Stressing Pork, Not The Party

By E. J. Dionne Jr.
Tuesday, July 25, 2006

GLEN ALLEN, Va. -- Sen. George Allen, the Virginia Republican up for reelection this year, and Jim Webb, his Democratic opponent, have big differences on Iraq. Allen supports President Bush's policies. Webb opposed the war.

But the big news out of their debate Saturday in Hot Springs had nothing to do with the Middle East. The geographic locale that mattered was Craney Island.

Most people outside Virginia's Hampton Roads region have never heard of Craney Island -- and neither had Webb, an anti-politician whose career has taken him from the military to the Reagan administration to writing and now back to the Democratic Party.

Allen asked: "Jim, what's your position on the proper use of Craney Island?"

Webb replied, candidly: "I'm not sure where Craney Island is. Why don't you tell me?"

No doubt feeling very pleased, Allen replied: "Craney Island's in Virginia."

Just last week -- as Jim Hodges of the Daily Press in Newport News, Va., reported -- the Senate authorized a $671.3 million expansion of Craney Island, adding 580 acres and "offering a boost for a future port there."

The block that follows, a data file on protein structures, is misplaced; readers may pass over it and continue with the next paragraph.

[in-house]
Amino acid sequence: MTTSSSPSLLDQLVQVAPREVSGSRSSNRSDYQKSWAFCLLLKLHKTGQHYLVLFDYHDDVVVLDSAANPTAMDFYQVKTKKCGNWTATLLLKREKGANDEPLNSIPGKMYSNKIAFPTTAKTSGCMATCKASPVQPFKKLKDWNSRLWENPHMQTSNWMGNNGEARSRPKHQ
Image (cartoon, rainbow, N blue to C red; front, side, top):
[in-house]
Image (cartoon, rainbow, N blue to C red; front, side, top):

Allen wanted no one to miss the significance. "This is huge," he told reporters. "It's a big, big deal."

I have no idea whether Allen will get a boost from his quiz-show moment of triumph and the implication that he delivered big-time for Virginia. What's interesting is the extent to which Allen and other Republican incumbents around the country are talking up how they brought big government's largess to their constituents.

It doesn't matter that they claim to be against that very same big government. Faced this year with a choice between running on their party's record and delivering pork, they'll take pork.

That means that some incumbent Republican senators are acting as if they were seeking reelection for governor -- or even mayor.

Sen. Mike DeWine (R-Ohio) started running a television spot a couple of weeks ago focusing on "fires, accidents, paramedic calls" and the needs of localities to be prepared for terrorist attacks.


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